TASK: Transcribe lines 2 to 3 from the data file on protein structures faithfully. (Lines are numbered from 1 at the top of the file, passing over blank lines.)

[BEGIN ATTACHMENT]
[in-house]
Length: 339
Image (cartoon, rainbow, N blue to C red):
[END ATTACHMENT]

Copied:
Length: 339
Image (cartoon, rainbow, N blue to C red):